Essay about Analysis of A Clockwork Orange

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Analysis and Interpretation of A Clockwork Orange

A Clockwork Orange, by Anthony Burgess, is one of the most experimental, original, and controversial novels of the twentieth century. It is both a compelling work of literature and an in-depth study in linguistics. The novel is a satirical, frightening science fiction piece, not unlike others of this century such as George Orwell's Nineteen Eighty-Four or Aldous Huxley's Brave New World. However, the conflicts and resolutions in A Clockwork Orange are more philosophical than social, and its message is far more urgent.

A Clockwork Orange is made up of three parts containing 21 chapters, 21 being the official age of human maturity. It is a stream-of-consciousness novel
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In Nadsat, "orange" means "man" (which is derived from the Malay word "orang," meaning "man"), so a clockwork orange would be a man moving without pause or thought, as a clockwork (Lund). Burgess says of the title, "I mean it to stand for the application of a mechanistic morality to a living organism oozing with juice and sweetness" ("Resucked" x). After the state reforms him, the novel's hero and narrator Alex becomes a clockwork orange, a man working as a machine.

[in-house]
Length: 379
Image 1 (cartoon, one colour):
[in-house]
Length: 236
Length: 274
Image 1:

Nadsat is the primary language, although not the exclusive one, of A Clockwork Orange. Burgess claims he uses it "to muffle the raw response we expect from pornography." But he also uses it to create a "literary adventure" ("Resucked" x). The use of Nadsat emphasizes many of the struggles involved with A Clockwork Orange's purpose. The struggle between the old and the young--the conservative and the progressive--is made more sensational by the separation of language. Alex is misunderstood by his parents, the police, and the government philosophically, but also literally, widening the gap between him and the "sane" world.

Burgess also manipulates language in A Clockwork Orange in more traditional ways, in the form of literary and linguistic devices. The novel is saturated with irony and dark humor, dotted with repetition, and laced with word play.

Irony is used extensively A Clockwork Orange. One of the most repeated and significant examples of irony is in Alex's description
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